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Black Renters Face Housing Hurdles

THE federal government has sued the owners and rental managers of 13 Florida apartment complexes, using evidence gathered by a sting that turned up a pattern of discrimination against blacks posing as renters.

The Justice Department filed lawsuits after sending out black and white "testers" to see how landlords would respond to their inquiries to rent the apartments.

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The lawsuits claim blacks were informed that no apartments were available, while whites were told units were ready or soon would be. In some instances, the blacks were quoted higher prices or told no apartments were available to inspect, though whites were shown apartments, federal officials say.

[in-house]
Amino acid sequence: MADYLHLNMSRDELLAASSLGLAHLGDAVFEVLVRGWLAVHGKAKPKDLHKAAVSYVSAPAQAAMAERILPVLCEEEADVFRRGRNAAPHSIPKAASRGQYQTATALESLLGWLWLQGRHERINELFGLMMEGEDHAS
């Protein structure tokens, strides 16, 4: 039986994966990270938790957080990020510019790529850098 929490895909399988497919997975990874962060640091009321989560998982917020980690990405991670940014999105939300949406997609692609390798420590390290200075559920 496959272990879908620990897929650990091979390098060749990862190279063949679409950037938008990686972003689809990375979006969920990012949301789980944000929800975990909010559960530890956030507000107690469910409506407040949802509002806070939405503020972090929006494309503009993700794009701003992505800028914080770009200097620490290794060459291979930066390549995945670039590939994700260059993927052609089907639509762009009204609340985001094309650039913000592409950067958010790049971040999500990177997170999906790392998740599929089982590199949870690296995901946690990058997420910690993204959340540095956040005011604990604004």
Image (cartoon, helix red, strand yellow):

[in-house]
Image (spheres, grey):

"In the 1990s, discrimination in housing is not going to be signified by words or signs, saying 'African-Americans need not apply,"' US Attorney Kendall Coffey said at the June 12 news conference announcing the lawsuits.

Several owners also were accused of refusing to rent to families with children.

James Rosemurgy, who owns six of the 11 Boca Raton complexes and manages a seventh, says he does not discriminate. "We have a much higher ratio of minorities [as tenants] than the community at large."

The Justice Department began investigating in South Florida after complaints from people seeking places to live after Hurricane Andrew hit in August 1992.

The 13 complexes were among 50 the Justice Department tested for discriminatory practices.

The government's nationwide testing program has led to 26 lawsuits in Florida, Ohio, Michigan, California, South Dakota, Indiana, and Missouri.

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